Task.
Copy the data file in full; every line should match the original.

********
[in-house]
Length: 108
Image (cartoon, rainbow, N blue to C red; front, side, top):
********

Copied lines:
[in-house]
Length: 108
Image (cartoon, rainbow, N blue to C red; front, side, top):